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Coal Baron Near Default Rips ‘Feckless’ Feds, While Asking State for Aid

Will Wade and Stephen Cunningham

(Bloomberg) -- With his coal company on the verge of default, Robert Murray is making another play for government aid. This time he’s reaching out to the states.

The U.S. coal industry is threatened with “extinction,” Murray said Monday at a conference in Kentucky hosted by the Federal Energy Regulatory Commission. He called on state lawmakers to limit the number of coal-fired power plants that are permitted to shut down, saying they are needed to underpin the reliability of the nation’s power grids.

His plea comes after FERC last year rejected the Trump administration’s call to aid struggling coal and nuclear power plants. The founder and chief executive officer of Murray Energy Corp. blasted the agency during the conference as “feckless,” saying its inaction poses a threat to national security.

“We have already closed far too many coal-fired plants, and our mines,” Murray said. “FERC has done nothing to really stop the destruction of the security and reliability of our electric power.

U.S. power producers have already closed about 40% of the nation’s coal-fired fleet, about 93,000 megawatts, as the fuel faces increased price competition from cheap natural gas and renewables, and growing concern about its role in driving climate change. Murray estimated that another 11,000 megawatts may be shuttered by 2022.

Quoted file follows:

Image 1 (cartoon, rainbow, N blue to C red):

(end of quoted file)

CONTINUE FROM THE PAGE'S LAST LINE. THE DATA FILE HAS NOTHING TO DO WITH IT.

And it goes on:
Murray, an outspoken supporter of President Donald Trump, has urged Washington to offer support for power plants that can store fuel on-site, which he said makes them more reliable. That primarily would affect coal and nuclear plants, which are also struggling to compete.

While FERC has said it’s evaluating the issue, Murray urged states to “set a floor for closures of fuel-secure resources.”

In the meantime, coal producers including Murray Energy are shutting mines as demand wanes and prices tumble. Murray, the largest closely held U.S. supplier, missed interest payments this month and is currently in talks with creditors. A forbearance deal is in place through Oct. 28.

“We must preserve our coal-fired and nuclear generation,” Murray said. “We are headed to major crises in our country, and FERC and all of our governments, federal and state, have done nothing.”

(Michael R. Bloomberg, the founder and majority stakeholder of Bloomberg LP, the parent company of Bloomberg News, has committed $500 million to launch Beyond Carbon, a campaign aimed at closing the remaining coal-powered plants in the U.S. by 2030 and slowing the construction of new gas plants.)

To contact the reporters on this story: Will Wade in New York at wwade4@bloomberg.net;Stephen Cunningham in Lexington, Kentucky, at scunningha10@bloomberg.net

To contact the editors responsible for this story: Lynn Doan at ldoan6@bloomberg.net, Reg Gale, Pratish Narayanan

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